Israel's expansion has included ethnic cleansing. Palestinians who had lived inthat land for centuries were driven out by systematic violence and terror aimedat ethnically cleansing what became a large part of the Israeli state. The methods of groups like the Irgun and the Stern gang were the same as those of the Bosnian Serb leader Karadzic: to drive out people by terror.
Today the Israeli government continues seizures of Palestinian land for settlements, military incursions into surrounding countries and denial of theright of Palestinians expelled by terror to return. Ariel Sharon, Israel'sprime minister, is a war criminal who should be in prison, not in office.Israel's own Kahan commission found that Sharon shared responsibility for theSabra and Shatila massacres.

Sharon continues to organise terror. More than three times as many Palestiniansas Israelis have been killed in the present conflict. There are more than 7,000Palestinians in Israel's jails.

To obscure these truths, those around Israel's present government have resortedto demonisation. Initial targets were Palestinians, and have now becomeMuslims. Take the Middle East Media Research Institute, run by a former colonelin Israeli military intelligence, which poses as a source of objective information but in reality selectively translates material from Arabic and presents Muslims and Arabs in the worst possible light.

Today the Israeli government is helping to promote a wholly distorted pictureof racism and religious discrimination in Europe, implying that the most serious upsurge of hatred and discrimination is against Jews.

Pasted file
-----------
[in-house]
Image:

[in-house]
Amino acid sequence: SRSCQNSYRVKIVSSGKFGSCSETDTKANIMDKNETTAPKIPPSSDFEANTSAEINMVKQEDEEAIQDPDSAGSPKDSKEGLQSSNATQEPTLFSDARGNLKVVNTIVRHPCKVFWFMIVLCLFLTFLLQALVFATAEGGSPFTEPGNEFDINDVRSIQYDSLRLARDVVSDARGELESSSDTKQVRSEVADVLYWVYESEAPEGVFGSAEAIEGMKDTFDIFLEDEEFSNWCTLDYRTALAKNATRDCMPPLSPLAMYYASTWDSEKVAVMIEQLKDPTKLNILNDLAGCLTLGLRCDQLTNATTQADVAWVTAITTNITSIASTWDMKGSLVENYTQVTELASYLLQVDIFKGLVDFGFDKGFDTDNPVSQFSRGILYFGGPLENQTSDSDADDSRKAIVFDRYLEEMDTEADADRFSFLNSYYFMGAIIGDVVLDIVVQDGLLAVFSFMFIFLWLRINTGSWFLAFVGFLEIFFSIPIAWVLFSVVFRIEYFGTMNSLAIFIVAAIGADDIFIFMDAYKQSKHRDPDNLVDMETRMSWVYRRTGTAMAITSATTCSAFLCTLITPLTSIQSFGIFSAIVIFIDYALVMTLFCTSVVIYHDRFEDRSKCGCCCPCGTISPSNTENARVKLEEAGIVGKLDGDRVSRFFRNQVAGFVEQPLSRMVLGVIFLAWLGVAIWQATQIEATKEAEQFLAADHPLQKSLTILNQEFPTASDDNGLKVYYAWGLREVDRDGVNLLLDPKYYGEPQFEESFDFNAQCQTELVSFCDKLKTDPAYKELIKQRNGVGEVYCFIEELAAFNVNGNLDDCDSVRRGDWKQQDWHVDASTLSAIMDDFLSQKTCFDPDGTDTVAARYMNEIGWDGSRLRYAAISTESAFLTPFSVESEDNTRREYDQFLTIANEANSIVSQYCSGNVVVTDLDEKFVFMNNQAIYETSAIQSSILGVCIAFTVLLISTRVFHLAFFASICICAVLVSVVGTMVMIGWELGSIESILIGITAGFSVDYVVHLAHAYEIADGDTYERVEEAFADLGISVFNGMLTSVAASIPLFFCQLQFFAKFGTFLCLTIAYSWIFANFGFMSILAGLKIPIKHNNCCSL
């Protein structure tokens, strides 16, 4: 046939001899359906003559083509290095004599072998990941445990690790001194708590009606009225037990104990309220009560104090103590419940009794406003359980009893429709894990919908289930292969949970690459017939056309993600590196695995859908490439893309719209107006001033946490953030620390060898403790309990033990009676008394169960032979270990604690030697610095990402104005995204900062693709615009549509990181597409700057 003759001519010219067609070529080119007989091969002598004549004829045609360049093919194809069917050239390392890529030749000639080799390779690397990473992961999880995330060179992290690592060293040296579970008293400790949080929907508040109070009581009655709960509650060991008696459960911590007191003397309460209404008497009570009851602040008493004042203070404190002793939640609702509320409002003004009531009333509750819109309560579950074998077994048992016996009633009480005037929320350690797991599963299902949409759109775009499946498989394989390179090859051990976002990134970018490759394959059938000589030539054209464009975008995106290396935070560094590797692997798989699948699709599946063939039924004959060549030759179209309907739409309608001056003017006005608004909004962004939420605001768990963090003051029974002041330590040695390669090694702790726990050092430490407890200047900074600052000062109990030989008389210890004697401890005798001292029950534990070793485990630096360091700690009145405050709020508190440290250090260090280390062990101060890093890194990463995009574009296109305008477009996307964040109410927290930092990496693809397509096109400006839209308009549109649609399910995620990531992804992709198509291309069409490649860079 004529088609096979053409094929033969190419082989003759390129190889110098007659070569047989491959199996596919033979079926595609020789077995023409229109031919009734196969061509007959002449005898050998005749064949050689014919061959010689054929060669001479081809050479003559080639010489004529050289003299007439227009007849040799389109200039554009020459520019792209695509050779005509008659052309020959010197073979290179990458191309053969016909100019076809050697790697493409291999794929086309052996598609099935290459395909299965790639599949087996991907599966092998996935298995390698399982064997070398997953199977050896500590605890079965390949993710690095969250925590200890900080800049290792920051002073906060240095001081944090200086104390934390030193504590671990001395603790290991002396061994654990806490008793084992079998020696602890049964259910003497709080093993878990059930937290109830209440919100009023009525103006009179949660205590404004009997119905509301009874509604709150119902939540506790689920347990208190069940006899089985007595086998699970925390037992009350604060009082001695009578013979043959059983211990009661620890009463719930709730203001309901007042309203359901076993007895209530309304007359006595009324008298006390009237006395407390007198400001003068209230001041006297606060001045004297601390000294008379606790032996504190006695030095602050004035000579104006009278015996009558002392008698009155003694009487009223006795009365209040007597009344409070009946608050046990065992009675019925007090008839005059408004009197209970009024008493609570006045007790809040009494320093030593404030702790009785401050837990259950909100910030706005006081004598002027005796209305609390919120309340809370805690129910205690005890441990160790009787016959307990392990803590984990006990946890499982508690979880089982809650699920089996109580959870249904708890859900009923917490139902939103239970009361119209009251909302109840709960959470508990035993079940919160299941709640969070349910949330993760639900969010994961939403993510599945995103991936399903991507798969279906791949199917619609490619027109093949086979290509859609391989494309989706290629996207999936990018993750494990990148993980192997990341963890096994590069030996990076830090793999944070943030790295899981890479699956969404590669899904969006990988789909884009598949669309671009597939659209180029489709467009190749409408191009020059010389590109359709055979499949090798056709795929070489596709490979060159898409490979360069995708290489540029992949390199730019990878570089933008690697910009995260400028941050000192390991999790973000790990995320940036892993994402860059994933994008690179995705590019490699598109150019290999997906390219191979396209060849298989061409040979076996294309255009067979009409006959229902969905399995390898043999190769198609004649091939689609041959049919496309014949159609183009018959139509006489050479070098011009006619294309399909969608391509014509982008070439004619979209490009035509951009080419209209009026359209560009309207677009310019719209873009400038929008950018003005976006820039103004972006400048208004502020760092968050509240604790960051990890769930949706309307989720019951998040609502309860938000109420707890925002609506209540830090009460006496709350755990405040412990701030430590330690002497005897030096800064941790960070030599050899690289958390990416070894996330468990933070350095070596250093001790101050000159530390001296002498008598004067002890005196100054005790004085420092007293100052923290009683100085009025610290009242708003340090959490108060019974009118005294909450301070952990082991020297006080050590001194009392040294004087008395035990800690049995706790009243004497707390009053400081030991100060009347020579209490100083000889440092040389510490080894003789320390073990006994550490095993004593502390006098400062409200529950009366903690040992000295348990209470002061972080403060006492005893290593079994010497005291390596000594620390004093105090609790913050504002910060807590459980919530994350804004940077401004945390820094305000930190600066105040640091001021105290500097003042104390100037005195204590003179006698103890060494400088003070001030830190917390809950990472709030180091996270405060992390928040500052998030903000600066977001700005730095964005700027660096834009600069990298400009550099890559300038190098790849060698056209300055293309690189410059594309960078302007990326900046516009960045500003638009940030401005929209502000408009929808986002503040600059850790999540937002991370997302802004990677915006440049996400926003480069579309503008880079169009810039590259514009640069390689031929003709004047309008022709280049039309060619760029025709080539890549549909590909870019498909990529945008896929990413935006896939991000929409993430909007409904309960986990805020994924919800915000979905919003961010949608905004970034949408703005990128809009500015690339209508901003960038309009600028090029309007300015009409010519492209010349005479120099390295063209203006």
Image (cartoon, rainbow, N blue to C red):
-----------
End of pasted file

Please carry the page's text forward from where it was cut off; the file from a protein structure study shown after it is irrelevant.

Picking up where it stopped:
All racist and anti-semitic attacks must be stamped out. However, the realityis that the great bulk of racist attacks in Europe today are on black people,Asians and Muslims - and they are the primary targets of the extreme right. For20 years Israeli governments have attempted to portray anyone who forcefullycriticises the policies of Israel as anti-semitic. The truth is the opposite:the same universal human values that recognise the Holocaust as the greatest racist crime of the 20th century require condemnation of the policies of successive Israeli governments - not on the absurd grounds that they are Nazior equivalent to the Holocaust, but because ethnic cleansing, discriminationand terror are immoral.

They are also fuelling anger and violence across the world. For a mayor of London not to speak out against such injustice would not only be wrong - butwould also ignore the threat it poses to the security of all Londoners.

* Ken Livingstone is the London mayor
Guardian Unlimited © Guardian Newspapers Limited 2005